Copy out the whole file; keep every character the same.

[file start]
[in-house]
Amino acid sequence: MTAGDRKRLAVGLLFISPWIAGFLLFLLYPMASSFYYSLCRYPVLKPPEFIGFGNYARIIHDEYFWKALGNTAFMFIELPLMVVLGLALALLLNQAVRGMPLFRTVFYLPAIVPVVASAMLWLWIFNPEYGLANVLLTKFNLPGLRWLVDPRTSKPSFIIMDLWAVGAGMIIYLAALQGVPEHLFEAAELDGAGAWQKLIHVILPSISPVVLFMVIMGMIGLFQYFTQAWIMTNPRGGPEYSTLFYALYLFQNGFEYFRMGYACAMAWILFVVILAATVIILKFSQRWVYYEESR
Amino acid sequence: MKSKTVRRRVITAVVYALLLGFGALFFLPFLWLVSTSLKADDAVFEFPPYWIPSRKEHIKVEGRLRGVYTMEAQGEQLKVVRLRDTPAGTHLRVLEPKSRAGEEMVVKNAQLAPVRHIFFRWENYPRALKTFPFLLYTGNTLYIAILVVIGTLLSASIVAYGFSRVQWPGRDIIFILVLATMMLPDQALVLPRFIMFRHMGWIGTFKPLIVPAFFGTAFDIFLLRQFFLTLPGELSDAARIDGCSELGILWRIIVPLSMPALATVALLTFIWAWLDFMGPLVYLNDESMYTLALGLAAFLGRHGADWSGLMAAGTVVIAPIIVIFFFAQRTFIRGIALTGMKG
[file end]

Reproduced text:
[in-house]
Amino acid sequence: MTAGDRKRLAVGLLFISPWIAGFLLFLLYPMASSFYYSLCRYPVLKPPEFIGFGNYARIIHDEYFWKALGNTAFMFIELPLMVVLGLALALLLNQAVRGMPLFRTVFYLPAIVPVVASAMLWLWIFNPEYGLANVLLTKFNLPGLRWLVDPRTSKPSFIIMDLWAVGAGMIIYLAALQGVPEHLFEAAELDGAGAWQKLIHVILPSISPVVLFMVIMGMIGLFQYFTQAWIMTNPRGGPEYSTLFYALYLFQNGFEYFRMGYACAMAWILFVVILAATVIILKFSQRWVYYEESR
Amino acid sequence: MKSKTVRRRVITAVVYALLLGFGALFFLPFLWLVSTSLKADDAVFEFPPYWIPSRKEHIKVEGRLRGVYTMEAQGEQLKVVRLRDTPAGTHLRVLEPKSRAGEEMVVKNAQLAPVRHIFFRWENYPRALKTFPFLLYTGNTLYIAILVVIGTLLSASIVAYGFSRVQWPGRDIIFILVLATMMLPDQALVLPRFIMFRHMGWIGTFKPLIVPAFFGTAFDIFLLRQFFLTLPGELSDAARIDGCSELGILWRIIVPLSMPALATVALLTFIWAWLDFMGPLVYLNDESMYTLALGLAAFLGRHGADWSGLMAAGTVVIAPIIVIFFFAQRTFIRGIALTGMKG